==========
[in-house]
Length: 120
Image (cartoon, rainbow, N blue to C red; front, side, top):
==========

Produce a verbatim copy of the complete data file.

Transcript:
[in-house]
Length: 120
Image (cartoon, rainbow, N blue to C red; front, side, top):